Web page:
Golf is played by millions of people worldwide. An average golfer typically plays about 37 rounds per year and spends more day practicing. Although it isn’t a contact sport, it places significant demands on your body, which can easily lead to injuries.
Golf is a wonderful yet notoriously frustrating game. Consistency and accuracy are important factors in this sport. The more consistently the ball is hit in the desired direction, the better the player will be. To fly the ball straightly, the face of the club must connect with the ball parallel to the target. Simple as it may sound, but the swing has to be performed perfectly.
The golf swing is a complex series of movements. If a golfer has poor coordination of his body segments, lacking flexibility, or lacking control and strength, he is limited by his physical capabilities to perform a good swing.
Injuries in Professional and Amateur Golfers
The effects of everyday living are progressive and insidious. Daily posture and movement can affect your ability to work optimally in a golf swing. Poorly using your body over the years can lead to muscle imbalances. Poor movement habits develop as we compensate for existing injuries. Because of these, we tend to develop new injuries. All these can manifest in your golf swing, which is the reason why playing golf is not that simple at all.
Professional and recreational golfers sustain different injuries. The pros hit the ball further often because of modern equipment and altered swing techniques. They replicate the same swing over a couple of thousand times in a week, chanelling forces through precise musculoskeletal areas and generating clubhead speeds of over 100mph.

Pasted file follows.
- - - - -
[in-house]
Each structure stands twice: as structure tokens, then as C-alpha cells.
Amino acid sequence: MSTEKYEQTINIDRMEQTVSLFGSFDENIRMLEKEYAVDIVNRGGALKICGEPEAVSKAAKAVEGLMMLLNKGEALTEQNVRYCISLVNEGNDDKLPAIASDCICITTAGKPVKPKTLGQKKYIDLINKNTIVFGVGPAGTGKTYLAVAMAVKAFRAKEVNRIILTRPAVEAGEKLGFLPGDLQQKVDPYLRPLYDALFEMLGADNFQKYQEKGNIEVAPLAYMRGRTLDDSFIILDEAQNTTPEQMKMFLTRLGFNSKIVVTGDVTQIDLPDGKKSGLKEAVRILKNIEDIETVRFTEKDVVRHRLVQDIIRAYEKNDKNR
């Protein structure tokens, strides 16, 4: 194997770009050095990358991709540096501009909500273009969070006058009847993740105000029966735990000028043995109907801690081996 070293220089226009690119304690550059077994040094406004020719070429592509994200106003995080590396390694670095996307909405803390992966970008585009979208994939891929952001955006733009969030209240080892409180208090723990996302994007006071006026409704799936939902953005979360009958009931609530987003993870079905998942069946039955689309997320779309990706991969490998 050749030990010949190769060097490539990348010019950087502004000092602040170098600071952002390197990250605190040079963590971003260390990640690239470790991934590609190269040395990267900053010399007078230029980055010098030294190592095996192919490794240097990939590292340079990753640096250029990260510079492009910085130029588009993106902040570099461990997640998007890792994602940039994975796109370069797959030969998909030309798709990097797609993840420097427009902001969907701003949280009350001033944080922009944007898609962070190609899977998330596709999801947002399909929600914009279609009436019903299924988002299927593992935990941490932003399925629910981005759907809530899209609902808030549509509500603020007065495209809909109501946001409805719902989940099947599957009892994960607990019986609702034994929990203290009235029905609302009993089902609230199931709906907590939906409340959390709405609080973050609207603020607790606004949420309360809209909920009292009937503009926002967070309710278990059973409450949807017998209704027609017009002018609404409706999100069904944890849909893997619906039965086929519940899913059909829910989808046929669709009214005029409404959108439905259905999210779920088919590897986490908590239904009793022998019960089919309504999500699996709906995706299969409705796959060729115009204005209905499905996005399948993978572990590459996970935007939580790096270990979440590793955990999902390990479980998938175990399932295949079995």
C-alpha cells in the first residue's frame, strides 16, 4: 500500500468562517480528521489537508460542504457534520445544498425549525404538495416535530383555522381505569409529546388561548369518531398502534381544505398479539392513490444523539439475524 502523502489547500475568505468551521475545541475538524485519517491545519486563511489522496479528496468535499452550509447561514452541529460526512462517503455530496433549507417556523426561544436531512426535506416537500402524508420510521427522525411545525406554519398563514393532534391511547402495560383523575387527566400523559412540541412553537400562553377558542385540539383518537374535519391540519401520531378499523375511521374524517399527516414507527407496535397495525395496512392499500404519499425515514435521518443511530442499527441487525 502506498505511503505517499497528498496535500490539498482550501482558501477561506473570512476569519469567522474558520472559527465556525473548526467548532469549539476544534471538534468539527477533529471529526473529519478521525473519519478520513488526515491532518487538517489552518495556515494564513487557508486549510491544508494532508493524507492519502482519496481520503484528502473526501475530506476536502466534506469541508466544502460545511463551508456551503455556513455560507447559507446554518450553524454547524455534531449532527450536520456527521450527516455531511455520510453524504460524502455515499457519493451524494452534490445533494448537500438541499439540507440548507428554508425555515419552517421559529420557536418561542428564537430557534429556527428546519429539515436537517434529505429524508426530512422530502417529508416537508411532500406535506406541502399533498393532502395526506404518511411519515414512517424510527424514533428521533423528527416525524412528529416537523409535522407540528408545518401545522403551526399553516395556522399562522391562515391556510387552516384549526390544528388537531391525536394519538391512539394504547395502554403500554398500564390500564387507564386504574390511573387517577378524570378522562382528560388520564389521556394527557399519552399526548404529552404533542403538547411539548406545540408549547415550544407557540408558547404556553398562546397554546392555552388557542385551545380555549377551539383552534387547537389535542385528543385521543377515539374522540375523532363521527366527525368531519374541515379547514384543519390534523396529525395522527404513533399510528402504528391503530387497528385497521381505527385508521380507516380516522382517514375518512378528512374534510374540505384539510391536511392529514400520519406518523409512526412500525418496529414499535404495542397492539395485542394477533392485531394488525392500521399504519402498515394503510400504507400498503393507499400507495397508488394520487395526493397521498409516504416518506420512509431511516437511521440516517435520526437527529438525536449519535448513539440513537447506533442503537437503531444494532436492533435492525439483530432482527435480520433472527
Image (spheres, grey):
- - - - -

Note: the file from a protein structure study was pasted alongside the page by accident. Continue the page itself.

In professional golfers, 25% of the injuries are led by forced absence from competition of over a month. In amateurs this burden of injury can be even greater.
Whilst some injuries are “uncontrollable”, 80% of injuries in professionals are caused by overuse. The most commonly injured areas among these players are the wrists, back, shoulders, and hips, with the dominant side more frequently affected.
Amateur golfers are generally older, plays less frequently, and swings less consistently, which therefore results in different injury patterns. Their most commonly affected areas are lower back and elbow. Compared to professional golfers, they have fewer injuries from overuse.
Recreational golfers are more likely to exacerbate pre-existing conditions or experience random acute injuries.
Golfer’s elbow, technically known as medial epicondylitis, is an inflammation of the tendons that attach forearm muscles to the inside of the bone at the elbow. This injury predominates among golfers.
How Physiotherapy Helps
Almost every physical injury will have a disastrous effect on your game. Because of this, it is important that your injury is treated and managed correctly for you to be able to return confidently to the golf course and keep playing.
Imbalances in your flexibility, stability, posture, balance, and sequencing all contribute to faulty swings, postural dysfunction and injury. A physiotherapist can identify these imbalances and construct a treatment plan that will suit to your condition.
Physiotherapy helps golfers correct swing faults, improve performance, reduce risk of injury, and improve golf-specific fitness training. Here at i Physio Perth, we have deep understanding of injury patterns which is important so we can give you appropriate injury prevention and treatment strategies.
Physiotherapy sessions with any of our Perth physiotherapists bring a rewarding experience when you get back to golf course and perform that perfect swing without pain. Call us today at 9444 8729!